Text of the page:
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Case Reports in Critical Care
Volume 2017, Article ID 9870762, 3 pages
https://doi.org/10.1155/2017/9870762
Case Report

A Narrowing Diagnosis: A Rare Cause of Adult Croup and Literature Review

1Department of Medicine, Division of Pulmonary & Critical Care, Medical College of Wisconsin, Milwaukee, WI, USA
2Department of Medicine, Medical College of Wisconsin, Milwaukee, WI, USA
3Department of Medicine, Division of General Internal Medicine, Medical College of Wisconsin, Milwaukee, WI, USA

Correspondence should be addressed to Jayshil J. Patel; ude.wcm@2letapj

Received 11 October 2016; Accepted 26 December 2016; Published 10 January 2017

Academic Editor: Kenneth S. Waxman

Copyright © 2017 Jayshil J. Patel et al. This is an open access article distributed under the Creative Commons Attribution License, which permits unrestricted use, distribution, and reproduction in any medium, provided the original work is properly cited.

Abstract

Croup or laryngotracheitis is rare in adults. We present a case of an otherwise healthy young woman that presented in the winter with 3 days of increasing dyspnea, cough, and fever. She was hemodynamically stable but was found to have a barking cough, paradoxical abdominal breathing, and stridor. Chest radiograph revealed subglottic narrowing. Respiratory viral nucleic acid amplification testing was positive for respiratory syncytial virus. The patient was treated with nebulized epinephrine, dexamethasone, and a helium-oxygen mixture. Stridor resolved immediately after starting the helium-oxygen mixture. Within 72 hours, the patient made a complete clinical recovery without the need for escalation of care. Prehospital discharge chest radiograph demonstrated resolution of subglottic narrowing.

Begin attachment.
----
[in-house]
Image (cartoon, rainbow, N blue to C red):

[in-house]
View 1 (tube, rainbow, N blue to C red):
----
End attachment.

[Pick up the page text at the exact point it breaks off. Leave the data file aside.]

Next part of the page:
1. Introduction

Croup or laryngotracheitis is common in children and rare in adults. Parainfluenza-1 is the most commonly identified organism in both children and adults. Therapy for croup consists of humidified oxygen, inhaled racemic epinephrine, and corticosteroids. We present a rare case of adult croup secondary to RSV which was successfully managed with inhaled helium-oxygen mixture and provide a literature review of adult croup cases.

2. Case Presentation

A 25-year-old woman presented to the emergency department (ED) in the winter with 3 days of increasing dyspnea, “barking” cough, and fever. Past medical history was significant for attention deficit disorder. Family and social histories were unremarkable. Medications included amphetamine/dextromethorphan and an oral contraceptive. Blood pressure was normal, heart rate 110 beats per minute, respiratory rate 32 breaths per minute, and oxygen saturation 92% on room air. There was inspiratory stridor, nasal flaring, paradoxical abdominal breathing, and accessory respiratory muscle use. Laboratory data was significant for a white blood cell count of 19,800 per microliter (normal: 4,000–10,000 per microliter). Admission chest radiograph demonstrated subglottic narrowing (Figure 1).

Figure 1: Hospital day 0 posterior-anterior chest radiograph demonstrating subglottic stenosis, known as Steeple sign (between red arrows).

In the ED, she was given 3 doses of nebulized racemic epinephrine with improvement in stridor and work of breathing. She was admitted to the medical intensive care unit (MICU), where she remained tachypneic with stridor and paradoxical abdominal breathing. She was treated with intravenous dexamethasone and started on a 70 : 30 ratio of helium-to-oxygen mixture. Stridor resolved and there was visible improvement in the work of breathing immediately after starting the helium-oxygen mixture.